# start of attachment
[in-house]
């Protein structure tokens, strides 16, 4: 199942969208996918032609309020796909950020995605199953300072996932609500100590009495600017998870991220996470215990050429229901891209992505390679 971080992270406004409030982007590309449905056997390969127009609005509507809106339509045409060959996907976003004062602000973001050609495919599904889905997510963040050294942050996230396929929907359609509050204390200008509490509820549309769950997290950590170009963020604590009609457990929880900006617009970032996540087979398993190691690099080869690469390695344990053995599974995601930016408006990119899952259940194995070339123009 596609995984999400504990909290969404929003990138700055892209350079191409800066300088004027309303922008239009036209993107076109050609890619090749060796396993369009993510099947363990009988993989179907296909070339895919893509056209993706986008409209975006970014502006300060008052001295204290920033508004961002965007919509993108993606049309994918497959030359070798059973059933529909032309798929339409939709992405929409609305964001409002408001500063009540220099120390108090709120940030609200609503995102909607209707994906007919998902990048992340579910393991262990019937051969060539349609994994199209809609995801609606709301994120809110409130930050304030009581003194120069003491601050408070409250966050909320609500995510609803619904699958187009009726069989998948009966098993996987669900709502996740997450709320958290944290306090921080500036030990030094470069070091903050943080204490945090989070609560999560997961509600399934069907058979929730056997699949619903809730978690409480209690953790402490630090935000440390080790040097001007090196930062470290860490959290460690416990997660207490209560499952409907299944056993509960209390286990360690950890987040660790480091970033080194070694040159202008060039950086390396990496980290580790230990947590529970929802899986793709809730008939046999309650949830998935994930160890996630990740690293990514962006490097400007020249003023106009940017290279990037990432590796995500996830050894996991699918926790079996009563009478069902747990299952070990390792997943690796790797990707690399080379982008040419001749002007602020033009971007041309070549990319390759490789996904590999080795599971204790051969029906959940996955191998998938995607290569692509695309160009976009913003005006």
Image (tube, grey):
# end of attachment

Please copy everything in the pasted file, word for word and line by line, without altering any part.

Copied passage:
[in-house]
């Protein structure tokens, strides 16, 4: 199942969208996918032609309020796909950020995605199953300072996932609500100590009495600017998870991220996470215990050429229901891209992505390679 971080992270406004409030982007590309449905056997390969127009609005509507809106339509045409060959996907976003004062602000973001050609495919599904889905997510963040050294942050996230396929929907359609509050204390200008509490509820549309769950997290950590170009963020604590009609457990929880900006617009970032996540087979398993190691690099080869690469390695344990053995599974995601930016408006990119899952259940194995070339123009 596609995984999400504990909290969404929003990138700055892209350079191409800066300088004027309303922008239009036209993107076109050609890619090749060796396993369009993510099947363990009988993989179907296909070339895919893509056209993706986008409209975006970014502006300060008052001295204290920033508004961002965007919509993108993606049309994918497959030359070798059973059933529909032309798929339409939709992405929409609305964001409002408001500063009540220099120390108090709120940030609200609503995102909607209707994906007919998902990048992340579910393991262990019937051969060539349609994994199209809609995801609606709301994120809110409130930050304030009581003194120069003491601050408070409250966050909320609500995510609803619904699958187009009726069989998948009966098993996987669900709502996740997450709320958290944290306090921080500036030990030094470069070091903050943080204490945090989070609560999560997961509600399934069907058979929730056997699949619903809730978690409480209690953790402490630090935000440390080790040097001007090196930062470290860490959290460690416990997660207490209560499952409907299944056993509960209390286990360690950890987040660790480091970033080194070694040159202008060039950086390396990496980290580790230990947590529970929802899986793709809730008939046999309650949830998935994930160890996630990740690293990514962006490097400007020249003023106009940017290279990037990432590796995500996830050894996991699918926790079996009563009478069902747990299952070990390792997943690796790797990707690399080379982008040419001749002007602020033009971007041309070549990319390759490789996904590999080795599971204790051969029906959940996955191998998938995607290569692509695309160009976009913003005006």
Image (tube, grey):